BLACKROOM Kickstarter canceled for demo

Night Work Games cancel their Kickstarter campaign to develop a gameplay demo for a second campaign.

The Kickstarter campaign for John Romero and Adrian Carmack's latest game is currently on pause. The reason for the cancellation is to give the developers time to create a gameplay demo for backers of a second Kickstarter campaign. 

Back to the drawing board

The original Kickstarter campaign showed only artwork for the game, as opposed to any in-game footage. After much feedback from the community, Night Work Games made the decision to cancel the campaign until a demo was developed and ready to show. 

In the announcement on the Kickstarter page, Romero stated that creating a demo will take longer than the time left on the campaign. Once the demo is ready, a second Kickstarter campaign will start. At the end of the announcement, Romero thanks all of the backers for their support.

He continues by saying:

We will, of course, honor backer achievements in the next campaign (and an extra something for those of you who continue to support us in the next campaign).  

As to what the "extra something" currently remains a mystery.

The right decision

As disappointing as the cancellation might be, there is no mistaking that it is the correct decision to make. Despite the campaign's incredible start -- having received over $100,000 in its first day -- things began to slow down. In the following three days, only a further $30,000 was funded before cancellation.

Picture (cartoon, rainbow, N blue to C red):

If that rate continued, there would be no possible way it would achieve its $700,000 goal within time. Without a gameplay trailer or at least some form of gameplay footage, it is hard to convince people to back your project.

Once Romero and Carmack return with the gameplay demo and a second Kickstarter campaign, depending on how it looks, it could make the funds start rolling in -- potentially even to the degree of getting far more than they would ever have with the first campaign.

The names alone aren't enough

It is clear that the developers jumped into the Kickstarter campaign hoping that their names and reputations of their success would suffice to get the funding they needed. This idea is something which quickly backfired as the community began looking for gameplay footage.

They indeed may be the lead designer and artist of incredible games like DOOM, DOOM 2 and QUAKE, but that alone is not enough to convince fans to invest in an idea. Of course, there is also the issue that was Romero's last FPS, Daikatana, which received a panning from critics.

It is back to the drawing board for the developers, yet I can only see good things coming of it. They will take the feedback that they received from the fans and hopefully come back with a smashing announcement and second campaign.

What are your thoughts on the cancellation of the Kickstarter campaign? Do you think it is the right decision? Let me know in the comments below.


Playing video games for over 23 years, love to write and love everything video game related.

Published May. 5th 2016

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